While settling the war in Afghanistan is a truly massive task, the greater challenge may be to find a government that can be legitimate without any traditionally viable candidates, and effective while also respecting the extremely varied input of the many tribal leaders that determine the actions of the majority rural populations. It is conceivable that some sort of arrangement could be reached for the purposes of negotiating peace, but there may be no way to prevent Afghanistan’s historical pattern from reasserting itself: that, upon a threat’s dissolution, the motivated unity between the various factions frays apart. If this happens again, there could be nothing to stop another insurgent or terrorist group from doing exactly as the Taliban has done. Here, however, is where the United States can make a difference. Through investment and infrastructure, and education, Afghanistan can take advantage of the natural resources it has to better the lives of all its people, regardless of what ethnic group they belong to. Infighting for these resources can be expected, but this is not a new challenge for development groups. If Afghanistan can attain stability long enough for these forces for economic empowerment to really take root, it could entirely reconceptualize the country, and remove many of the motivations for insurgencies. But the path to this future is extremely complex, and its endurance should it be achieved is not guaranteed. These factors need to be taken into account now, and considered with the gravity they are due.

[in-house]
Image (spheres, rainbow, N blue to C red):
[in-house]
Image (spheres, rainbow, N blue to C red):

For Afghanistan to be the kind of success story that Vietnam has become, the United States must help it achieve peace with its insurgencies and create a government that can make that peace last. “Trying not to lose” is not going to win anyone anything, especially the Afghan people; the United States must not be afraid to re conceptualize its approach to conflict and resolution. Learning these selective lessons from Vietnam have the power to not only realign Afghanistan’s uncertain future towards the kind of independence and increasing stability Vietnam enjoys, but also to change the world’s perceptions of the United States, and its ability to be the global force for good it sees itself as.

 

REFERENCES

  1. Barfield, Thomas, “Afghanistan’s Ethnic Puzzle: Decentralizing Power Before the U.S. Withdrawal,” Foreign Affairs, vol. 90, no. 5, September/October, 2011, 54-65
  2. Blake, Aaron. “Afghanistan war more unpopular than Vietnam.” The Washington Post. December 30, 2013. Accessed April 12, 2017. https://www.washingtonpost.com/news/post-politics/wp/2013/12/30/afghanistan-war-more-unpopular-than-vietnam/?utm_term=.d5c3da1420a1.
  3. “Afghanistan country profile.” BBC News. March 08, 2017. Accessed April 12, 2017. http://www.bbc.com/news/world-south-asia-12011352.